Home Feature Story Rhuby – An Entrepreneurial Gem In The Spirits Business

Rhuby – An Entrepreneurial Gem In The Spirits Business


Åkers Styckebruk is a tiny village of just under 3,000 inhabitants located in Sweden’s Strängnäs Municipality, a region with a diverse and dynamic range of industries such as tourism, pharmaceuticals, biotechnology, logistics and education. It’s not somewhere you’d expect entrepreneurship to sprout from, but Ylva Binder did exactly that. Binder is the founder of Rhuby, an all-natural liqueur made from the humble rhubarb, a vegetable more commonly used in pies.

Binder’s introduction to spirits started early, when she started creating her own moonshine – Sweden has a prohibitively high taxation on alcohol – way before she was supposed to be consuming them. Together with a father who had an avid interest in herbs and spices for snaps – traditionally Swedish aquavit – Binder would have fun producing a variety of alcoholic creations using her mother’s cooking pots.

At 18 the young Swede left her native country, picking up three languages in English, Spanish and French, as well as a business degree. When she graduated she chose to join the then global advertising agency of Absolut – TBWA, putting a foot into the alcoholic drinks industry albeit from an advertising and marketing point of view.

When the spirits monopoly in Sweden was broken, Binder fully entered the spirits business by launching her own brand of vodka, Svensk Vodka. But that business folded later despite gaining a foothold in various European markets when one of her partners was caught out for illegal trading, and Binder joined Bacardi to handle Bombay Sapphire. She would finally spend 25 years in the industry, handling other brands including Dewar’s, Grey Goose, Martini, Glenfiddich, Hendrick’s, The Balvenie, Sailor Jerry’s, and Monkey Shoulder.

From Corporate To Entrepreneurship

Binder (pictured left) has now returned, full circle, with Rhuby, but without the generous infrastructure afforded and backed by a huge blue-chip corporation. “Life as an entrepreneur is slightly different from the days of the large corporate,” shares Binder. “One day you were circled around in a helicopter to land atop Burj Al Arab in Dubai for the launch of Grey Goose in their Presidential Suite, to finding your way with 40k kilograms of Rhuby samples in the NY subway system.”

But she adds that nothing beats the sense of freedom and empowerment of managing your own time as your own boss. “(You can beat) the lack of infrastructure, distribution support and general brainstorming with a great team – you (just) have to keep the goal in sight,” she says. In fact without very clearly defined targets and day-to-day task management, she says it can be hard to maintain motivation on some days.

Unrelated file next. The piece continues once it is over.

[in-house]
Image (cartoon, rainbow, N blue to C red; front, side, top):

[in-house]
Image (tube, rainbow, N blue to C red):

“Trivial tasks can take up a days’ worth of work – which is time you don’t have managing the entire business yourself. I had to learn cash flow projections, P&L reporting and VAT returns faster than anybody.”

“It is one thing reading those things and studying the principle to actually sit and enter every number and make sense of it.”

Being small, she says, can be frustrating. For example, being a small player means that nobody really cares about or listens to you. “No volume, no voice,” she laments. The lack of budget also forces one to expend a lot of effort just to get products listed or put on shelves. Another is the trap of being forced to sell out small pieces of the company in order to raise funds for growth. “Friends of mine have been voted off the board of their own company after years of struggle,” she shares.

But there are also upsides to running your own business, says Binder. “I take decisions in one day – or even seconds – which could take almost one year in the corporate situation of democratic decision taking and political proceedings and pressures. The speed in which you act and the response you can give to the people around you is liberating and you live by your every action.” Running a business out of passion also means you can get to choose to work with the people you like – if you don’t, you don’t have to deal with them.

“To launch Grey Goose in various markets or the global introduction of Hendrick’s into Travel Retail was nothing as you merely did your job. Of course I worked with passion and the belief in great brands – while having developed each aspect and flavor yourself in a brand from liquid to bottle designs – you get more sensitive.” But launching your own product is almost like holding a mirror to yourself and where things become more personal, Binder explains. “You feel a lot more vulnerable representing it.”

“It is also hard to be ‘over-selling’ your own brand as it feels overtly pompous and arrogant.”

Rhuby, Binder shares, is still in that early phase where it’s a balancing act when it comes to managing cash. “Cash is king is no underestimation when it comes to starting up on your own. Everything is pre-paid and you still need to collect the sales months later. The financial restraints should not ever be underestimated however much passion and belief there is in the idea,” she insists. “I am hoping to break-even in year three.”

“My only advice to the entrepreneur is – just be aware what you let yourself in for. The first few years takes it out of you.”

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